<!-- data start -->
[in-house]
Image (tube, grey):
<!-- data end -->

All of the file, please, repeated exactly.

[in-house]
Image (tube, grey):